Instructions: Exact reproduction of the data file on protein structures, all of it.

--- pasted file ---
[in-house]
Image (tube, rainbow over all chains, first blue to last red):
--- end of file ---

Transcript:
[in-house]
Image (tube, rainbow over all chains, first blue to last red):